While generations are typically delineated through social determinants like political events and social movements, the economy is a powerful moderator of generational effects on individuals, some recent studies show. Economic declines have been linked to health problems brought on by stress and hunger, even higher mortality rates, but they can have powerful — and lasting — psychological impacts on an entire generation, as well.
Although well-being generally increases over the lifetime of individuals from all generations, research published in 2013 showed that the extent of that increase varies from cohort to cohort.
Psychological scientist Angelina R. Sutin of the Florida State University College of Medicine conducted the study while at the National Institute on Aging (NIA). She and her colleagues at NIA predicted that people born around the same time may have had unique experiences that shape the way they evaluate happiness and optimism. They hypothesized that the level of well-being a person reports would, therefore, vary according to his or her birth year.
And that’s indeed what they found. Using two large-scale longitudinal studies, the National Institutes of Health’s Baltimore Longitudinal Study of Aging and the Centers for Disease Control’s National Health and Nutrition Examination Survey, Sutin and colleagues examined data from several thousand people over 30 years, including more than 10,000 reports on well-being, health, and other factors.
When the researchers analyzed the data across the whole pool of participants, older adults had lower levels of well-being than younger and middle-aged adults. But when they analyzed the same data while taking birth cohort into account, a different trend appeared: Life satisfaction increased over all participants’ lifetimes. This trend remained even after factors like health, medication, sex, ethnicity, and education were taken into account.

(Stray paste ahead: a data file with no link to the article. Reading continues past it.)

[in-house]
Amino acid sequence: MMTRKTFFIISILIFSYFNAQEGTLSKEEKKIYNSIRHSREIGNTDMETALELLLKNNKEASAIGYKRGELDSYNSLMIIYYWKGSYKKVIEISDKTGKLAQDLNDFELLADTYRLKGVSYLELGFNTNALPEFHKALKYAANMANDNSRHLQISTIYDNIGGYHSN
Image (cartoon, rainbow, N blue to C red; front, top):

So what explains the different results?
While life satisfaction increased with age for each cohort, older birth cohorts — especially people born between 1885 and 1925 — started off with lower levels of well-being in comparison with people born more recently. (They lived through the Great Depression, after all.) Looking at life satisfaction across all of the participants, regardless of when they were born, obscured the fact that each cohort actually showed the same underlying trend of life satisfaction increasing with age.
The opposite was true as well: Generations that experienced the postwar economic boom of the mid-20th century had consistently higher levels of well-being throughout life compared with other cohorts. Although we all tend to get happier as we age, economic conditions during young adulthood seem to play a vital role in calibrating our well-being baselines.